Sunday, March 10, is the First Sunday of Lent. Mass Readings: Deuteronomy 26:4-10; Psalm 91:1-2, 10-15; Romans 10:8-13; Luke 4:1-13.
I recently read an article in the journal Psychological Science detailing the profound impact that expressing gratitude has on one’s mental and physical health. Though the reasons for these effects are not entirely certain, the researchers who wrote the article hypothesize that expressing gratitude engages and activates parts of the brain that are involved in motivating “pro-social” (aka, kind) behaviors. In other words, expressing gratitude is a self-perpetuating behavior that also positively changes the way one thinks about and acts toward others.
This article, even if only in a limited way, illumines an important aspect of today’s readings: An essential part of a person’s relationship with God consists in giving him thanks, and this act of thanksgiving has a transformative effect on the one who undertakes it. The first reading from the Book of Deuteronomy describes a public liturgical demonstration of thanksgiving in the Temple. The people were to bring the “first of all the fruit of the ground” (Deuteronomy 26:2) before the altar and then recount the many gracious deeds God did for the people of Israel.
The offering of these first fruits was an acknowledgement that God was the true source and owner of the land’s produce, while the recounting of God’s many great deeds was a way of confessing that without God the Israelite people would never have come into being at all, let alone would they have ever inherited the land. If they were to give proper thanks, therefore, it was necessary for them to acknowledge these realities on a regular basis; by doing so, the people both demonstrated that they understood what they had received was from God and cultivated a deeper desire to thank him for it.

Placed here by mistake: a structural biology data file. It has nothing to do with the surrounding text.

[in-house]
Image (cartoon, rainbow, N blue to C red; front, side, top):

The second reading from St. Paul’s Letter to the Romans also, in its own way, addresses the importance of thanking God. St. Paul admonishes his audience to confess with their mouths that Jesus is Lord and to believe in their hearts that God has raised him from the dead (Romans 10:9).
For Paul, much like the authors of the Old Testament, the word heart (kardia) refers to the dimension of a human person that is capable of thought and planning; thus, to believe in one’s heart is a way of describing the process of coming to know who God is and what God has done. This also means that, for Paul, the act of believing in one’s heart is not reducible to an emotional, interior response.
Rather, faith is by its very nature meant to be confessed (homologe), that is, publicly proclaimed and acknowledged in a spirit of agreement so that it has the effect of building up the faith in the whole congregation (ekklesia) of believers. Like the liturgical action described in Deuteronomy, then, Paul is calling for a public act of acknowledgement of who God is and what God has done — and this is, in fact, a way of giving thanks and praise. Further, like Deuteronomy, Paul sees the act of thanksgiving as dispositive, that is, the more one gives thanks to God, the more one wants to give thanks to God and inspires others to do so.
These readings provide us with a good starting point for the Lenten season, which is very much ordered toward our thoughtful recognition of what God has done for us: The Father sent his only Son into the world so “that everyone who believes in him might not perish but might have eternal life” (John 3:16). Though sometimes we can reduce our Lenten practice to simply “giving up stuff,” it is important to remember that we are asked to engage in the threefold practice of prayer, fasting and almsgiving as a means of thankfully acknowledging this reality of what God has done for us by detaching from material things and seeking to know and love God more deeply.
Dominican Father Jordan Schmidt is an instructor
in sacred Scripture at the
Pontifical Faculty of the
Immaculate Conception at the
Dominican House of Studies in Washington, D.C.